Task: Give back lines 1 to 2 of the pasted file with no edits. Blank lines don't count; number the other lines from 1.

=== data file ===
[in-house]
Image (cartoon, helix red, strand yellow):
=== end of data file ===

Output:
[in-house]
Image (cartoon, helix red, strand yellow):